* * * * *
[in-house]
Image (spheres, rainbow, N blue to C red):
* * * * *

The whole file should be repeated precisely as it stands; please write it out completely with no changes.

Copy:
[in-house]
Image (spheres, rainbow, N blue to C red):